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Chess with Area Control and Set Collection

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schmanthony
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Joined: 12/18/2008

I'm in the middle stages of developing my game and I'd like some feedback on its core mechanics. The game borrows the following concepts from chess:

1. The board is grid-like (square/hex/irregular all being considered and tested).

2. Each player has a set of pieces, some of which are visually unique and have unique movement rules. Each player has the same set as the other players.

Now, here are some ways that the idea differs from chess:

1. The board is sectioned off into 8-15 contiguous areas.

2. Removal of your opponents' pieces is not the primary goal.

3. Moving to an occupied space is usually prohibited.

4. Removal of pieces is not permanent. Players can place their pieces back on the board again (for a cost).

5. The main point of moving your pieces is to control areas, thereby collecting various rewards. Some of these rewards are points, some add to sets you collect (majorities scored at end), and some grant certain rule-breaking capabilities.

As simple and dry as this description may seem, I have yet to find any existing designs, published or unpublished, that are very similar. So, I ask of the community:

1. Are you aware of any very similar designs?

2. If this idea were fleshed out into a balanced game with an attractive theme, does the concept sound appealing to you?

3. Do any gameplay problems come to mind as you consider the mechanics that I have described?

Thanks.

-Schmanthony

SiddGames
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Joined: 08/02/2008
Sounds interesting to me. I

Sounds interesting to me. I can't think of anything off-hand that does area control + chess-like pieces. Perhaps the defunct miniature game Dreamblade, in which players win each round by who controls the most point-scoring cells on a 5x5 grid; but a dice-driven combat system is a huge portion of that, and the point majority is only used in the one way.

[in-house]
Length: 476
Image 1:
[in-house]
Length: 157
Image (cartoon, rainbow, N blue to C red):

If by "chess-like" you are also describing a style of game that has perfect information and no random elements, then I think there's a market for that. The game Dungeon Twister is a brain-burning 2p game with a fantasy theme, and it has solid reviews and sold well (I'm guessing, judging by how many expansions they put out, etc).

schmanthony
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Joined: 12/18/2008
Not that much like chess...

The similarities my idea has with chess pretty much end with the set of pieces each with unique movement abilities. The game will most likely have some hidden information and some randomness.

Even so, this borrowed chess mechanic seems to set my idea apart from other designs. I'm not sure why this mechanic is so unpopular. Unlike roll-and-move, which has a long tired history in hundreds of games, I'm hard pressed to think of even one game produced in the last few centuries that makes clear use of the chess mechanic.

Is this mechanic generally disliked? Do designers avoid it for fear of their game being seen as "like chess?"

RTaylor
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Joined: 04/08/2009
chess like

I wonder if part of the hesitation is the concern that it might be too complicated to learn/teach? Depending on how many types of pawns there are, a game like this could have a steep learning curve. That said, I don't know that it really has to be a problem, if you make sure that there is some reason/sense to what each piece can do, or at least that it's clearly indicated.